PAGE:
The strange, surreal world of Riverwest Radio’s Hello Caller
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If you’re the kind of person that needs a concise, genre-specific description of a show, Riverwest Radio’s Hello Caller might be difficult to get a handle on. The show features many of the trappings of radio and television: remote location segments, interviews, topical discussion, dramatization. But the point at which it diverges from those trappings is something that changes nearly every week—which is to say that no two shows are exactly alike.
Though it’s unclear whether the show’s producers, Xav Leplae and Zack Pieper, would consider Hello Caller a podcast, the term does seem to have some heft. Hello Caller, with aplomb, takes full advantage of the ready-to-stream capabilities of the Internet, while at the same time satirizing those sorcerer-like capabilities. Ridiculous contests, self-interviews, and incorporating random passersby into the proceedings: it all forms a complex, deceptively ramshackle stew when mixed together. It’s part call-in show, part open-ended Happening, and part comedy show, punctuated by instances of pure conceptual brilliance, such as a petition that is simply a collection of signatures with no apparent purpose (though one lucky signer wins a free ticket to Phantom Of The Opera: Panflute).
The economy of Hello Caller balances the easy rapport of Leplae and Pieper with the undertaking of each episode’s loosely defined thematic concern. Oftentimes, it’s head-scratching and hilarious, absurd and insightful. Take the July 26 episode in which Leplae and Victoria (an admin person with a Text To Speech voice) interview Joyce (an extremely jovial woman whose dogged positivity belies some very dark secrets) for the job of replacing the previously dismissed Pieper, whom Joyce thinks is Puerto Rican. Or the episode where Pieper calls in from a bank infested with bedbugs, informing Leplae that he won the “Jerry Webb’s All-You-Can-Eat All-Night Slumber Party Lock-In.”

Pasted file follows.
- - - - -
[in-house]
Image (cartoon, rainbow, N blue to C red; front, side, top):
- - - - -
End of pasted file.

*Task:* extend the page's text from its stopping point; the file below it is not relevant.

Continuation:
Through the character of Joyce—a person with no broadcasting experience—there’s a sly commentary made on an age in which everyone can (and does) broadcast themselves to the world. Someone like Joyce would certainly host an interesting program herself, though it would be an addition to what is already perceived as a glut of Internet content. Who would listen to it, and why? Hello Caller leaves that question unanswered, but the open-ended nature of the proceedings makes a strong case for the surprising, and often stirring, results that transpire when those with a level of not-quite-technical expertise undertake a radio show.
And yet Hello Caller does distinguish itself through the applied talents of its two producers. In Leplae’s case, it’s as a filmmaker. Leplae’s 2004 film I’m Bobby not only restaged the classic Bollywood version of Romeo And Juliet in India, it was filmed using local kids. In Pieper’s case, it’s through his activities as a poet, songwriter (Farms In Trouble, The Trusty Knife), collagist, publisher, and fount of spontaneity.
Hello Caller is moving to a new Thursday 2 p.m. timeslot, just south of it’s previous drive-time slot rivaling Mark Belling. It’s yet to be seen how this will impact the show, but be assured it will.
Leplae and Pieper’s shenanigans may be “meta” and hit-or-miss to be sure, but they’re also innovatively utilitarian, as when the duo discovered that Leplae’s mic had gone out during a previous broadcast, and decided to play the one-sided dialogue during a successive episode and speak in the gaps. During moments such as this, the show seems to be telling us, “Stick your hands in! It’s only the Internet. A bunch of 1’s and 0’s! Make something with it!”
(A fundraiser for Riverwest Radio—featuring many of the station’s on-air personalities—is scheduled for Friday, Sept. 28 at Linneman’s Riverwest Inn.)